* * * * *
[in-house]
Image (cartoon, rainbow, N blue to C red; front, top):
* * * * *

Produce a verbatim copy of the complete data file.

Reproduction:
[in-house]
Image (cartoon, rainbow, N blue to C red; front, top):